BBC Home
Explore the BBC
BBC News
Launch consoleBBC NEWS CHANNEL
Languages
Last Updated: Thursday, 20 May, 2004, 08:29 GMT 09:29 UK
Ivorian rebel ministers sacked
Laurent Gbagbo
The opposition accuse Gbagbo of 'destabilising the peace process'
Ivory Coast President Laurent Gbagbo, has sacked three ministers from the former rebel group, the New Forces.

They were part of the power-sharing government set up last year as part of a deal to end a year-long civil war.

Ex-communications minister and rebel leader Guillaume Soro told AFP news agency the move "was tantamount to a coup d'etat against the peace accords". The ministers were immediately replaced by members of Mr Gbagbo's Ivorian Popular Front party.

Diplomats say the crisis is plunging the country into one of its toughest periods since the war.

Protest

Earlier, President Laurent Gbagbo said he would suspend the salaries and restrict the freedom to travel of the rebels as punishment after they boycotted cabinet meetings.

The ex-rebels and the main opposition party, the Rally of the Republicans, withdrew from the cabinet after a banned opposition protest in the main city of Abidjan was violently suppressed at the end of March.

The former ruling party - the Ivory Coast Democratic Party (PDCI) - had pulled out at the beginning of the month, accusing President Laurent Gbagbo of "destabilising the peace process".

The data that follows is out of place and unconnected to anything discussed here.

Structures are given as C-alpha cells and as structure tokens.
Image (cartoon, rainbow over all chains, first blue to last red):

Ivory Coast has been split since rebels seized control of the northern half of the country in September 2002.

Rebels hold the mainly Muslim north, while forces loyal to President Laurent Gbagbo control the south.

The conflict was declared over in January 2003, but the power-sharing "government of unity" outlined in the peace pact has never lived up to its name.




RELATED BBC LINKS:

RELATED INTERNET LINKS:
The BBC is not responsible for the content of external internet sites


PRODUCTS AND SERVICES

News Front Page | World | UK | England | Northern Ireland | Scotland | Wales | Politics
Business | Entertainment | Science/Nature | Technology | Health | Education
Have Your Say | Magazine | In Pictures | Week at a Glance | Country Profiles | In Depth | Programmes
Americas Africa Europe Middle East South Asia Asia Pacific